“Recording movement data electronically would also result in significantly less paperwork for farmers and allow movements information to be sent to Trading Standards in electronic format, even from a mobile phone,” believes Mr Webber.
On farm, producers could also see benefits by recording lamb performance from different areas of farms. This could help indentify pastures where sheep perform poorly, aiding reseeding plans and reducing reliance on bought-in feeds.
And he is convinced this could offer benefits in terms of disease management, too. “At the moment there is a significant time-lag between movements occurring and information being received by Trading Standards EID could allow it to happen in real time.
“I’ve already been able to register a calf birth with BCMS from my mobile phone, so there’s no reason why movement information can’t be managed the same way.”
But this would need investment by other parts of the industry, including hauliers, markets, abattoirs and, most importantly, government. “At the moment DEFRA has no plans to implement a national database to record sheep EIDs, something every other EU nation plans to do. Without a database EID is redundant and provides few benefits to industry.”
In Mr Webber’s ideal vision, sheep identities would be recorded at birth, at every movement and at death, providing complete traceability of every sheep from field to fork and reducing the paperwork burden on farmers.
“If hauliers invested in EID reading equipment for vehicles, they would be able to record the identity of every animal boarding and disembarking their vehicles and report the movement to a national database. The same is true of markets and abattoirs, with markets recording animal movements in and out of markets and abattoirs recording every sheep as it passes down the slaughter line.”
Equipping a lorry would cost about £4000, while a market would cost about £10,000 depending on throughput and an abattoir would need to spend about £6000 on hardware. “There are issues over market throughputs, but most scenarios could be managed.”
All of these benefits rely on sensible implentation of EID in the UK, he warns. “The biggest stumbling block is how EID numbers are allocated to animals. There are two ways of doing this: What You See is What You Get (WYSIWYG) or relational.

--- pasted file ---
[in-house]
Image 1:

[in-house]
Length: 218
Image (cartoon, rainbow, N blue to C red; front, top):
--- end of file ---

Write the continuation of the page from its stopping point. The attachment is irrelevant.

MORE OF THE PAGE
“With WYSIWYG, the 12-digit EID number would also be the visual identifier, but these numbers are random and would not relate to the current system, which uses a flock number and individual number related to the farm’s holding number.
“The relational option would mean sticking with the current system of tag numbers and allocating EIDs to tags once they are in place. This will be much simpler and avoid having to completely rethink the system. It would also mean sticking with a system farmers understand rather than working with random numbers which will mean nothing to anyone,” says Mr Webber.
Moving to WYSIWYG will mean having to replace both visual and EID devices at the same time and will mean regathering sheep to insert new identification devices after losses are initially found and replacement tags have been ordered and delivered, he adds.
“I reckon this could cost the industry about £40m a year in lost time. However, using the relational system would mean replacements could be cross-referenced to visual tags, so they could be inserted as replacements when the loss is spotted, saving the need to regather at a later date.”
When does EID come into force?
What will farmers have to do?
What will it cost?
What happens when an EID device is lost?
What does the rest of the industry have to do?